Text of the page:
I don't agree that the variations are normal.
The issue of June 14 vs 15 was extremely big, especially dealing with these individuals.
Clouet and Bourmont would each blame the other in the decades after Waterloo for the defection. Clouet would tell a fanciful story of walking the field of Waterloo the night of the battle that brings tears to his eyes... Bourmont would tell Pasquier that it was Clouet who forced him to defect.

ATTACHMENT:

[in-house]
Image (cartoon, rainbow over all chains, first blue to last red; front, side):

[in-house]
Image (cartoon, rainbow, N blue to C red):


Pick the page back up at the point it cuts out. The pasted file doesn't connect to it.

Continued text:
So its true that we'll never know what happened in detail, though it seems like we know the end result.
The more important question is, do you apply the same scrutiny to the conventional history of the campaign?
Even in the condensed version of the last few days, I believe I have demonstrated that the conventional history is flawed, and for many key points, relies on little to no evidence.